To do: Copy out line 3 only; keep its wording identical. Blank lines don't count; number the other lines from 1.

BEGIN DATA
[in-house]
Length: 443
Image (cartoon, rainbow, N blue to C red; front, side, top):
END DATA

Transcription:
Image (cartoon, rainbow, N blue to C red; front, side, top):